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Suppose we have a helpdesk with tickets arriving at a rate of three per min. Tickets arrival follow a Poisson distribution. How someone can calculate:

a. The probability of the time between the first and the second or the time between the second and the third ticket arrival exceed two mins.
b. The probability of the time interval between two successive ticket arrivals exceeds 2.5 mins, taken into account that there is already passed 1.5 minute without any ticket.

I understand that for the first (a) the $\lambda$ of the Poisson dist is 3 tickets per min, taken into account one min as a unit, while for (b) $\lambda$ is 1.5 and the unit is half minute. But how can I apply the Poisson probability calculation for two successive events? For (b), since Poisson is memoryless, does it matter that 1.5 minute has passed?

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You should know that if the number of arrivals in every time interval has a Poisson distribution then the inter-arrival times are independent identically distributed with an exponential distribution with mean $1/\lambda$ where $\lambda$ is the mean number of arrivals per unit time. This is also the case at any time of the waiting time until the next arrival.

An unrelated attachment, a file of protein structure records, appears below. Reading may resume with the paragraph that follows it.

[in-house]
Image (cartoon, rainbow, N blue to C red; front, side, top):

In this case $\lambda=3$ per minute. Now take it from there...

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  • $\begingroup$ why change the $\lambda$? If our unit is one minute then the Poisson parameter $\lambda$ is three, right? $\endgroup$ Dec 19, 2014 at 22:10
  • $\begingroup$ A combination of typo and misreading, yes 3 per minute with a mean inter-arrival time of 1/3 of a minute. Fixed $\endgroup$ Dec 19, 2014 at 22:18
  • $\begingroup$ So, from what I understand I have to work with exponential distribution (and not Poisson) with the same $\lambda = 3$ parameter... $\endgroup$ Dec 20, 2014 at 14:20
  • $\begingroup$ Yes that's right,the question is about waiting times and intervals between events so you will be using the exponential distribution. $\endgroup$ Dec 20, 2014 at 17:23
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The probability that the time until the next arrival is more than $2$ minutes is the probability that the number of arrivals during those $2$ minutes is $0.$ Since the average number of arrivals in $2$ minutes is $6,$ that probability is $\dfrac{6^0 e^{-6}}{0!}= e^{-6}.$

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